Space-time Measurements of Oceanic Sea States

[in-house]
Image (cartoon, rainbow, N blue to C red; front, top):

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Stereo video techniques are effective for estimating the space-time wave dynamics over an area of the ocean. Indeed, a stereo camera view allows retrieval of both spatial and temporal data whose statistical content is richer than that of time series data retrieved from point wave probes.We present an application of the Wave Acquisition Stereo System (WASS) for the analysis of offshore video measurements of gravity waves in the Northern Adriatic Sea and near the southern seashore of the Crimean peninsula, in the Black Sea. We use classical epipolartechniques to reconstruct the sea surface from the stereo pairs sequentially in time, viz. asequence of spatial snapshots. We also present a variational approach that exploits the entire data image set providing a global space-time imaging of the sea surface, viz. simultaneous reconstruction of several spatial snapshots of the surface in order to guarantee continuity of the sea surface both in space and time. Analysis of the WASS measurements show that the sea surface can be accurately estimated in space and time together, yielding associated directionalspectra and wave statistics at a point in time that agrees well with probabilistic models. In particular, WASS stereo imaging is able to capture typical features of the wave surface,especially the crest-to-trough asymmetry due to second order nonlinearities, and the observedshape of large waves are fairly described by theoretical models based on the theory of quasi-determinism (Boccotti, 2000). Further, we investigate the space-time extremes of the observed stationary sea states, viz. the largest surface wave heights expected over a given area during thesea state duration. The WASS analysis provides the first experimental proof that a space-time extreme is generally larger than that observed in time via point measurements, in agreement withthe predictions based on stochastic theories for global maxima of Gaussian fields.